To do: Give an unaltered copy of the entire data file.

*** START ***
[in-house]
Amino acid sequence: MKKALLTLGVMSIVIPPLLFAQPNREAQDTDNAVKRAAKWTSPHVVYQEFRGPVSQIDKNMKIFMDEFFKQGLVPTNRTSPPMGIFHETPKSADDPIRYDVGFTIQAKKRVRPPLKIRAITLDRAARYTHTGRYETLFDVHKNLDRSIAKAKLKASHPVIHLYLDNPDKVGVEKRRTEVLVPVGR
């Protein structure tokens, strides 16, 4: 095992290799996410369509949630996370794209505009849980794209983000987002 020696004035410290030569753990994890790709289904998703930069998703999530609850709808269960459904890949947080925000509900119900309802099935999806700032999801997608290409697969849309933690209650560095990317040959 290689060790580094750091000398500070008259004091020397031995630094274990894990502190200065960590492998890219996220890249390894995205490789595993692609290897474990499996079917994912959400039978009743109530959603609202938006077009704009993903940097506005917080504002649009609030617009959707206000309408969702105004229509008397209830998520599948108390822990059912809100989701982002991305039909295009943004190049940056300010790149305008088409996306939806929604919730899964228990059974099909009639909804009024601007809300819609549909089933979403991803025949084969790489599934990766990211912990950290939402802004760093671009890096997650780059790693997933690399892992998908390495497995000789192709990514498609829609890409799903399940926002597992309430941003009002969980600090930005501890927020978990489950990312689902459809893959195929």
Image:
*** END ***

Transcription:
[in-house]
Amino acid sequence: MKKALLTLGVMSIVIPPLLFAQPNREAQDTDNAVKRAAKWTSPHVVYQEFRGPVSQIDKNMKIFMDEFFKQGLVPTNRTSPPMGIFHETPKSADDPIRYDVGFTIQAKKRVRPPLKIRAITLDRAARYTHTGRYETLFDVHKNLDRSIAKAKLKASHPVIHLYLDNPDKVGVEKRRTEVLVPVGR
């Protein structure tokens, strides 16, 4: 095992290799996410369509949630996370794209505009849980794209983000987002 020696004035410290030569753990994890790709289904998703930069998703999530609850709808269960459904890949947080925000509900119900309802099935999806700032999801997608290409697969849309933690209650560095990317040959 290689060790580094750091000398500070008259004091020397031995630094274990894990502190200065960590492998890219996220890249390894995205490789595993692609290897474990499996079917994912959400039978009743109530959603609202938006077009704009993903940097506005917080504002649009609030617009959707206000309408969702105004229509008397209830998520599948108390822990059912809100989701982002991305039909295009943004190049940056300010790149305008088409996306939806929604919730899964228990059974099909009639909804009024601007809300819609549909089933979403991803025949084969790489599934990766990211912990950290939402802004760093671009890096997650780059790693997933690399892992998908390495497995000789192709990514498609829609890409799903399940926002597992309430941003009002969980600090930005501890927020978990489950990312689902459809893959195929």
Image: